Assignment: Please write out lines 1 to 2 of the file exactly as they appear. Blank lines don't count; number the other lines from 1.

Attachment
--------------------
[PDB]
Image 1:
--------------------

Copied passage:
[PDB]
Image 1: